1 Department of Neurology, Massachusetts General Hospital and Brigham and Women’s Hospital, Fruit Street, Wang Ambulatory Center 8th Floor, Boston, MA 02114, USA
2 Departments of Neurology and Radiology, Massachusetts General Hospital, CNY49 Rm6403, Charlestown, MA 02129, USA
The value of MRI findings for coma prognostication is a question of great clinical and pathological relevance. We describe MRI evidence of restricted diffusion in the splenium in 5 patients with coma after cardiopulmonary resuscitation following cardiac arrest. The most common clinical presentation of corpus callosum lesions (of any cause) is altered mental status, consistent with the global importance of these extensive inter-hemispheric fibers. In our four cases with bilateral splenium restricted diffusion, none of the patients recovered consciousness. One patient with a unilateral (likely embolic) restricted diffusion lesion had excellent recovery. In contrast to unilateral ischemic callosal lesions, we believe that generalized, midline splenium restricted diffusion occurring after cardiopulmonary arrest represents Wallerian degeneration of interhemispheric neurons rather than direct ischemic damage to the white matter or axons of the callosum and thus will likely portend a poor prognosis.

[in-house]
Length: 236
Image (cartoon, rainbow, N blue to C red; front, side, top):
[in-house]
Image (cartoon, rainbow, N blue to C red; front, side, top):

Received Date: 26/10/2007 Revision Received Date: 10/12/2007 Acceptance Date: 20/12/2007 Electronic publication date: 11/1/2008 Collection year: 2008
Full-Text HTML Views: 779 Abstract HTML Views: 487 PDF Downloads: 178 Total Views/Downloads: 1444
Full-Text HTML Views: 479 Abstract HTML Views: 243 PDF Downloads: 122 Total Views/Downloads: 844 Geographical View
2008 Bentham Science Publishers Ltd
open-access license: This is an open access article distributed under the terms of the Creative Commons Attribution License (http://creativecommons.org/licenses/by/2.5/), which permits unrestrictive use, distribution, and reproduction in any medium, provided the original work is properly cited.
* Address correspondence to this author at the Departments of Neurology and Radiology, Massachusetts General Hospital, CNY49 Rm6403, Charlestown, MA 02129, USA E-mail: firstname.lastname@example.org